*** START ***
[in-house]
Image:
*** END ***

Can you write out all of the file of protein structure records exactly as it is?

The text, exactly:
[in-house]
Image: